Lucia Joyce: To Dance in the Wake 
by Carol Loeb Shloss.
Bloomsbury, 560 pp., £20, June 2004, 0 7475 7033 7
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James Joyce valued the everyday, but only if it could be grist to the mill of his highly formal art. Yeats endured ‘the baptism of the gutter’, descending into the profane world only to gather it into the artifice of poetic eternity, and Joyce’s aesthetic was similarly redemptive. He would grub among the odds and ends of secular history so as to salvage them for an art which was concerned with nothing but itself. In this, ironically, he could be faithful to the way the world was: the universe itself, he believed, was a set of endless, self-enclosed cycles, which his own art mirrored in its very narcissism.

And this, perhaps, is where the trouble with his daughter, Lucia, began. For if Joyce’s art was concerned with nothing but itself, neither in some respects was he. Joyce was an author in the Flaubertian mode, for whom writing was a sweated labour in which you might spend a week sculpting a single sentence into shape. When he declared with characteristic bumptiousness that he expected a reader of Finnegans Wake to spend as much time reading it as he had taken to write it, he meant that his works were designed to insulate the reader from everyday life just as surely as writing them had done for him.

So writing took up most of his time. The only problem was that he also had a wife and two children, one of whom, Lucia, he seemed more intent on gathering into his art than recognising as a person in her own right. Or rather, if Carol Loeb Shloss’s account is to be credited, Finnegans Wake (the novel he was engaged on while Lucia was growing up) both plunders her for perceptions and offers sorrowful reparation for the wreckage to which this reduced her.

Lucia had enough to feel resentful about. Born in the pauper’s ward of a Trieste hospital, she grew up in an impecunious family which was continually shifting from one cramped rented room to another. They endured serial evictions, and Joyce often enough found himself without pen or ink. He was Mr Micawber without the optimism. When he was not writing, he was drinking himself under the table in the backstreet bars of Trieste. Whether boozing or writing, Joyce never knew when to stop. His son, Giorgio, ended up an alcoholic.

As with the Micawbers, there were some bohemian delights to be reaped from this wretchedness. In her best Oirish style, as though cribbing from a particularly uninspired Sean O’Casey play, Shloss depicts a ‘loquacious, opinionated life that was filled with music, books, potatoes, cabbages, Irish bacon, polenta, colourful conversation, and a lackadaisical attention to custom’. Joyce, she continues, was a ‘musical, punning, limerick-writing, banister-sliding, extravagant and indulgent father’. Lucia relished this sharp-tongued, spiritually anarchic environment, but like any child she also needed a spot of security. It was this that was in short supply, as the whole family were dragged from one ramshackle apartment to another, in thrall to the needs of a randy, boozy, banister-sliding egoist.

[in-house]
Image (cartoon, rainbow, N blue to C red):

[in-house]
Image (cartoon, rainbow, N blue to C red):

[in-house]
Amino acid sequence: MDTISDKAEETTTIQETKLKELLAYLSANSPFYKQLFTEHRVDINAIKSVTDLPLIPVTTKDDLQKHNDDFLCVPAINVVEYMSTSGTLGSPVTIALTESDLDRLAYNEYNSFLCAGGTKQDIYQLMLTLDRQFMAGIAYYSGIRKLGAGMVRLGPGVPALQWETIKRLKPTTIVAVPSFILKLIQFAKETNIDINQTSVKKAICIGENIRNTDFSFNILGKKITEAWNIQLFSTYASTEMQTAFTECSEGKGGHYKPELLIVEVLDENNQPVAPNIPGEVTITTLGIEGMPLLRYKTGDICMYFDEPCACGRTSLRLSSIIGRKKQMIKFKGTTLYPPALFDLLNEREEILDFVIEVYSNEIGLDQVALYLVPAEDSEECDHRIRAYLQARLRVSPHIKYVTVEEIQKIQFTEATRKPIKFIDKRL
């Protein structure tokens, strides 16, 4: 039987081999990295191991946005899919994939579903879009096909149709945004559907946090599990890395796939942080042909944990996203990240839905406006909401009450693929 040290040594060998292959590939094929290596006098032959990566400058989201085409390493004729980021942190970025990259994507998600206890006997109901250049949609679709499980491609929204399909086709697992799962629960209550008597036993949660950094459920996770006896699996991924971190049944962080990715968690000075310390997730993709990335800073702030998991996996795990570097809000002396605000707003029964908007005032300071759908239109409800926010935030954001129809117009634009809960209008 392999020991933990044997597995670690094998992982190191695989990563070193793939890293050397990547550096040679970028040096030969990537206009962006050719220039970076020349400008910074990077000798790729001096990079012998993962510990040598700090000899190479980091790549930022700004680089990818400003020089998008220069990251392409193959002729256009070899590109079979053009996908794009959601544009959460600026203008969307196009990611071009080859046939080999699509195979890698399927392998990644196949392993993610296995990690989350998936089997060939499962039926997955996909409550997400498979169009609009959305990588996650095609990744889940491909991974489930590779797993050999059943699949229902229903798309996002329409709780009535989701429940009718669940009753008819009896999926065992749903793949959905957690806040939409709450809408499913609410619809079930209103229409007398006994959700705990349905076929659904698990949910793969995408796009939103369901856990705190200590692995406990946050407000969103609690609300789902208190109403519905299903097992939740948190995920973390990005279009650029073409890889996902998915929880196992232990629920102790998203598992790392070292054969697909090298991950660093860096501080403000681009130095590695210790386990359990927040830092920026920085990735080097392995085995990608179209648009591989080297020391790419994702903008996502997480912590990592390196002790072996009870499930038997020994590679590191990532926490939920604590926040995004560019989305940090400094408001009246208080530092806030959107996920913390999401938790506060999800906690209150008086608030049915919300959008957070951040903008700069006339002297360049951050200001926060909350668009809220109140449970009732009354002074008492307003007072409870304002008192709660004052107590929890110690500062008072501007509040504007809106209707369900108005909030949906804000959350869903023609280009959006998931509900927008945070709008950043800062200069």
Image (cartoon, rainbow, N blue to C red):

The children’s schooling was constantly interrupted. Hunger was a real problem, and Giorgio sang in a café at the age of two in return for free meals for the family. Nora, Joyce’s wife, who detested his drinking, figures in this book as something of a villain, jealous of Lucia and determined to cut short her career. Lucia appears to have nursed a murderous hatred of her mother in return. Giorgio, another of Shloss’s blackguards, seems to have been intent on getting his sister banged up. (No doubt some forthcoming biography will claim that he has been maligned.) Joyce himself probably had incestuous feelings for his daughter, who in turn was thought to be too intimate with her brother. Lucia once wrote a letter to her father, assuring him that ‘if ever I take a fancy to anybody I swear to you on the head of Jesus that it will not be because I am not fond of you.’ Samuel Beckett remarked that anyone wanting to be her lover would find himself an ‘in liu’ – in lieu – ‘man’. Joyce himself commented that Lucia ‘loved her brother in an extraordinary way’, and she fell into shock and depression when he married. Francini Bruni, one of Joyce’s drinking mates, would sometimes clamber into Giorgio’s baby carriage, sucking a bottle of milk and squealing like a baby while Joyce trundled him about the room. It was a standard dysfunctional family.

Lucia was a talented, independent girl with something of her father’s rebellious spirit. As Shloss gushes in her movie-guide idiom, ‘here was energy and originality that could tear your heart out.’ When the family moved to Paris she became a respected artist in her own right, after training with Raymond Duncan, the fearfully eccentric brother of Isadora. Duncan wandered around in a Roman toga and sandals, speaking of Dionysus and vital bodily flows. The latter might possibly have been connected to his disapproval of underwear, an opinion Lucia inherited from him.